DeSantis on Foreign Looters: ‘They Need to Be Sent Back to Their Home Country’

Florida Gov. Ron DeSantis said Tuesday that 3 of the 4 looting suspects arrested in Lee County are illegal immigrants who “need to be sent back to their home country,” according to The Daily Mail.

DeSantis’ comments came during a news conference in Fort Myers as he provided an update about the response to Hurricane Ian.

“These are people that are foreigners; they’re illegally in our country, but, not only that, they try to loot and ransack in the aftermath of a natural disaster,” the Republican governor said.

“They should be prosecuted, but they need to be sent back to their home country,” he continued. “They should not be here at all.”

According to the Florida Jolt, the four suspects were arrested Thursday on charges of burglary of an unoccupied structure during a state of emergency.

Valerie Celeste Salcedo Mena, 26, Brandon Mauricio Araya, 20, and Steve Eduardo Sanchez Araya, also 20, were also charged with grand theft, while Omar Mejia Ortiz, 33, was charged with petty theft.

All four were released after posting $35,000 bail each and are scheduled to appear for a hearing on Oct. 31, according to the Mail.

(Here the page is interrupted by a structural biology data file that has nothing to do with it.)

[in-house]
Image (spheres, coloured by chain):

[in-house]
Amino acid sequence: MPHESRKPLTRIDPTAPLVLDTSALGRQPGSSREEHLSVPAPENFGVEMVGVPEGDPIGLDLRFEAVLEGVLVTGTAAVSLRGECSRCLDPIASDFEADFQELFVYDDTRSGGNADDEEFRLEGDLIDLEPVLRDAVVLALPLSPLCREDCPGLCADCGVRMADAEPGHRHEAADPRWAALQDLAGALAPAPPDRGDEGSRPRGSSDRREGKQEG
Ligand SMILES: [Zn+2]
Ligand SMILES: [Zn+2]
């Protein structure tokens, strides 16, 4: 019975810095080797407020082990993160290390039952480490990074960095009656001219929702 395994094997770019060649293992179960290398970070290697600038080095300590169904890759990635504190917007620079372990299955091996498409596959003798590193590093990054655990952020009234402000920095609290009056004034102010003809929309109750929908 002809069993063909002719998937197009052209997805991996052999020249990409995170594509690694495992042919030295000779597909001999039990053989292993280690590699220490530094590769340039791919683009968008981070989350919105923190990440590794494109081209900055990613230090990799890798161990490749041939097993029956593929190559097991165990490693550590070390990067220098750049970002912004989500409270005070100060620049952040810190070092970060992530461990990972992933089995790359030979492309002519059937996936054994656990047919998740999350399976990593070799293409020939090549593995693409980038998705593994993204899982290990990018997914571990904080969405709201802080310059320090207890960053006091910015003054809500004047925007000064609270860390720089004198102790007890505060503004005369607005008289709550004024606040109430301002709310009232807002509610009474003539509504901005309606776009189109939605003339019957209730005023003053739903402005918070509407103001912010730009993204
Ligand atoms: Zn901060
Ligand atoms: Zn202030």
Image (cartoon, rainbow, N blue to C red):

It was not immediately clear which three were in the country illegally.

Taking a hard line against looters, DeSantis said Florida is a “law-and-order state” and spoke of a sign he saw in Punta Gorda.

“They boarded up all the businesses, and there are people that wrote on their plywood, ‘You loot, we shoot,’ ” he said.

“At the end of the day, we are not going to allow lawlessness to take advantage of this situation,” DeSantis continued. “We are a law-and-order state, and this is a law-and-order community, so do not think that you’re going to go take advantage of people who’ve suffered misfortune.”

Lee County Sheriff Carmine Marceno backed up DeSantis, warning that looters risk being shot, not just by property owners, but by police.

“I’m not playing,” Marceno said. “We’re not playing. We have law and order, and great residents will be safe and secure. We’ve had arrests on these incidents.”

“You might walk in,” he added, but “you’ll be carried out.”

Hurricane Ian’s death toll currently stands at 84, according to The Associated Press, and Fort Myers is one of Florida’s most devastated areas, as rescue teams comb the debris in the search for survivors.

According to the property analytics firm CoreLogic, wind and storm-surge losses from the hurricane could total between $28 billion and $47 billion, making it Florida’s most expensive storm since Hurricane Andrew in 1992.


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